180 Business Coaching and Consulting, Blog

Coaching  – The Missing Management Tool

You cannot lead unless you can coach.

– Christian Simpson

The truth is most leaders and managers do not coach their teams. Many do not know what business coaching is because the concept of coaching has been ruined, particularly from the world of sports. Sports coaches take their players at the beginning of the season and start from scratch with training, assuming that their players do not know anything. It is called the empty vessel approach to coaching. John Wooden, the famous UCLA basketball coach, would start every season by introducing his entire team to the basketball. His training was that basic. While effective, his coaching is representative of most sports coaches – it is a one way model to teach specific skills and steps. In business, your new employees do not come to you as empty vessels.  They possess a range of values, abilities, and skills. Once your employees are trained on systems, procedures, and policies, true business coaching is what will add value to them.

Another reason coaching is not understood or used in business settings very often is that people confuse coaching with teaching, mentoring or counseling. In coaching, the coach draws answers from the employee. In teaching, the trainer simply provides information. In coaching, the coach shares his experience only when necessary. In mentoring, you share your experiences, opinions, and solutions with the employee. In coaching, the coach is proactive and works on future growth and results. In counseling, the therapist usually works on past issues to resolve present conflicts.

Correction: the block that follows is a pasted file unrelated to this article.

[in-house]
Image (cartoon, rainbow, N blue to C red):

An effective coaching program will create an alliance between the manager/coach and the employee where both are active equal participants in reaching positive results for the employee. A successful coaching program will include these basics:

  •  Effective questioning
  • Active listening
  • Learning followed by action
  • Self-discovery by  the employee
  • Greater awareness of  greater possibilities for the employee
  • Better clarity for the employee
  • Improved responsibility, decision-making, and choices by the employee

At the heart of coaching is the critical and effective use of questioning and asking questions. Every great designer, inventor, change-agent, or innovator used questioning to solve problems, create new products or services, or move forward in their career and their life. Coaches ask questions because it draws out the best in the employee. Coaching and questioning go hand in hand. Implement coaching in your company as a part of the training and development of your people. Coaching can be another effective way to create bonds between the manager and the employee, demonstrate a desire to help your employee succeed, and reduce turnover by keeping your employees learning and growing.

 

 

 

 

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